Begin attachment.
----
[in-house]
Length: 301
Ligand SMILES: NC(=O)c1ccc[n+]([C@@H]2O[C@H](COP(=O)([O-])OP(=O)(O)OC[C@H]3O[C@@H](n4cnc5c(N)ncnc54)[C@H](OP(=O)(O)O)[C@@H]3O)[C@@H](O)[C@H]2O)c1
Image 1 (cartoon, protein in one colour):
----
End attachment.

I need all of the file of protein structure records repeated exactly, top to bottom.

[in-house]
Length: 301
Ligand SMILES: NC(=O)c1ccc[n+]([C@@H]2O[C@H](COP(=O)([O-])OP(=O)(O)OC[C@H]3O[C@@H](n4cnc5c(N)ncnc54)[C@H](OP(=O)(O)O)[C@@H]3O)[C@@H](O)[C@H]2O)c1
Image 1 (cartoon, protein in one colour):